Burma ceiling

May 25, 2012
Yangon, Burma

If you’re sick and tired of all the doom and gloom that pervades the US and Europe, and should your personal circumstances allow, I unreservedly recommend that you hop on a plane and go and check out Burma.

BurmaThis is a rare good news story, and it may very well be one of the most exciting economies in the world.

Shut off from economic sanctions since the early 1990s, Burma (aka Myanmar) is starting to emerge once again. From the looks of things on the ground, it’s not just hype.

The retiring generals seem to have decided that the best way to protect their accumulated wealth and not ending up like Hosni Mubarak is to open the country up and introduce democratic reforms.

This way, they hope, they won’t be remembered as tyrants, but as visionaries who initiated a ‘peaceful transition to democracy’. I imagine all sorts of back-room deals have been struck with western diplomats to ensure Burma’s current leaders won’t be prosecuted.

As a result of this change in the political landscape, economic sanctions imposed by Europe and the United States have been suspended, and Yangon today is awash with opportunity.

The reason is simple. This is a market with huge potential. Burma has a young (median age 24), growing population of 56 million that is exceedingly rich in natural resources.

Burma ceilingAt the time of the military coup in 1968, in fact, Burma was actually the richest country in South East Asia. Neighboring Thailand, which is roughly the same size, and has a similar population, today boasts an economy eight times larger than Burma’s.

Clearly there’s huge potential for catch-up… and my observations on the ground in Yangon confirm this assertion:

– Many goods and services that we take for granted in the West, for instance, are in limited supply. Others simply do not exist.

– With a few exceptions, the country’s entire fleet of motor vehicles looks like the cast offs from a bad used car dealership.

Burma Cars– Mobile phone penetration ranks 215 out of 217 countries in the world, behind only Bhutan and North Korea.  Burma is the only country I’ve ever visited where my Hong Kong mobile phone can’t roam on the local network.

– The leading business hotel downtown does not accept credit cards. Payment must be made upfront, in cash, in US dollars.

– The few ATMs that do exist are not connected to the outside world.

– Internet access is patchy at best and non-existent for long periods… assuming you can even find a connection.

– Power outages are commonplace. And that’s being polite.

Banking, infrastructure, and telecommunications are some of the most obvious industries crying out for substantial investment.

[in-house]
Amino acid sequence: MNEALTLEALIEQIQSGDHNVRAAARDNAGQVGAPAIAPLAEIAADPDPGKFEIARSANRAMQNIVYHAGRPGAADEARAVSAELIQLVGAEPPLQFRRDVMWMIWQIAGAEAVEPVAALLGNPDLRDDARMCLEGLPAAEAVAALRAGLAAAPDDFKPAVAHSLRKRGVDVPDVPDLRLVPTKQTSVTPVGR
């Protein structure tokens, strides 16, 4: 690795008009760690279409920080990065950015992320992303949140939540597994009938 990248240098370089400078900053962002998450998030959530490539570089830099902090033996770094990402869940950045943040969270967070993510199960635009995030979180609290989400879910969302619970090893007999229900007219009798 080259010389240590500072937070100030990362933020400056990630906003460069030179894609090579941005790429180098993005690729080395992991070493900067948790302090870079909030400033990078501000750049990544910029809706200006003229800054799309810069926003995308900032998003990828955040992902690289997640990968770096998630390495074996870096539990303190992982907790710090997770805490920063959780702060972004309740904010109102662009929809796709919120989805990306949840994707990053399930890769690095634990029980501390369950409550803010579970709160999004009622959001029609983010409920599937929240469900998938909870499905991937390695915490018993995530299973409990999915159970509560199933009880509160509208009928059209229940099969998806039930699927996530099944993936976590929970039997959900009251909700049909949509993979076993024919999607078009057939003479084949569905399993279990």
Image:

Yet while the military regime that has ruled the country for the past 45-odd years has finally decided to reform, many issues remain unclear.

There is, in theory, a rule of law based on a British Common Law tradition as a result of the country’s colonial past. But its application and interpretation can be arbitrary.

There is a Foreign Investment Law– a legacy from when the country enjoyed a brief period of economic sunshine in the early 1990s.  But it is currently being revised, and it remains unclear what the exact changes will be.

The series of meetings I’ve had in Yangon have all been useful, and the people here are universally positive on the country’s outlook. But at this early stage, there is more watching and waiting than actually investing and doing.

The local stock exchange, for example, has only two listed companies. And they trade only a handful of times each month.

The head of the exchange told me there are only 11 public companies in the entire country. Two are listed; another two are “qualified” to list, but don’t want to. The rest are too opaque and don’t meet the acceptable standards of disclosure expected of listed companies.

It is possible for a non citizen to own 100% of a local company, however it is currently illegal for foreigners to buy shares from locals. That means, for now, if you want to invest in Burma, you have to start something from scratch.  There are few pure passive opportunities.

For the right person, with the right idea, as well as the energy and talent to execute on it, I would rank the business opportunities in Burma among the most attractive anywhere.

There are still many moving parts, and the business landscape remains in a state of flux. But already many ambitious young people, including highly educated Burmese who grew up abroad, are here on the ground. A certain percentage of them will undoubtedly become wealthy beyond their wildest dreams.

The field is wide open. If you want to be among them, there should be nothing holding you back.

Until next time,

Tim Staermose
Chief Investment Strategist
Sovereign Man

About the author

Tim Staermose is Sovereign Man’s Chief Investment officer, based in the Asia-Pacific region. Born to a Danish father and British mother in Dar Es Salaam, Tanzania, Tim has led an international life since the day he was born. He has lived and worked throughout Asia, primarily focusing on equity research and emerging market opportunities.

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